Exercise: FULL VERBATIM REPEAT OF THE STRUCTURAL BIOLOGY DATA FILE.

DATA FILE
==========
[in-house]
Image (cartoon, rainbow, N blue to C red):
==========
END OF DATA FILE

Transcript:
[in-house]
Image (cartoon, rainbow, N blue to C red):